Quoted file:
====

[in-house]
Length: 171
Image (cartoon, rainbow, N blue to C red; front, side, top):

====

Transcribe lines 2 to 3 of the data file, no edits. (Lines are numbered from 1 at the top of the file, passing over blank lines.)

Length: 171
Image (cartoon, rainbow, N blue to C red; front, side, top):